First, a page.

Mayor Murray announced today that the City is launching a Civic Poet program to celebrate Seattle’s rich literary community, while investing in the future of literary arts through community engagement. Applications to be the 2015 Civic Poet will be accepted April 16 – May 28.
“Seattle is one of the most well-read cities in the country. From libraries to book stores, from universities to literary organizations, Seattle is passionate about language,” said Mayor Murray. “The Civic Poet program celebrates our history and commitment to the written and spoken word, and the people who have given it such a place of honor in our city.”
The new two-year Civic Poet post will serve as a cultural ambassador for Seattle’s rich, multi-hued literary landscape and will represent Seattle’s diverse cultural community. In addition to five annual performances, the Civic Poet will also complete hands-on work with communities to engage constituents city-wide.
Seattle’s Civic Poet will serve a term of two years, from July 2015 to July 2017, and will receive a $10,000 stipend distributed over the two year term. Applicants must be Seattle-based and eligible to work in the U.S. and have a demonstrated interest in civic engagement and the power of the written and spoken word.
The Civic Poet program is inspired by the previous Poet Populist program instituted in 1999 by Seattle City Council member Nick Licata. The goal of the Poet Populist program was to support the practice of literary arts democracy, and promote local literary arts organizations to a general audience city-wide. The Poet Populist program was discontinued in 2008. The Civic Poet program will continue the legacy of the Poet Populist program by fostering community dialogue and engagement between the public and artists, while celebrating the literary arts.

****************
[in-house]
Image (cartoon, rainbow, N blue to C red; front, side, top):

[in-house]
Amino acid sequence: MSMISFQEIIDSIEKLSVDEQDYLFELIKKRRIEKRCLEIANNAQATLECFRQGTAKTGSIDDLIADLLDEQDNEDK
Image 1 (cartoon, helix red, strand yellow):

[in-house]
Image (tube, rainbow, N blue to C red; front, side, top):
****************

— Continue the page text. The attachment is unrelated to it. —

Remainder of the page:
“I thank the Mayor, Office of Arts & Culture director Randy Engstrom, and leaders of our literary community for picking up where our previous Poet Populist program left off. By combining that program’s community engagement elements with the rigor of a traditional poet laureate model, Seattle’s Civic Poet program can inspire both diverse audiences and diverse ideas,” added Councilmember Licata.
A selection panel composed of writing and literary professionals and community representatives will review materials from all applicants. Those who are selected as finalists will be invited a panel to interview for final selection.
The Civic Poet program is administered by the city’s Office of Arts & Culture. For more information, visit http://www.seattle.gov/arts/funding/civic_poet.asp.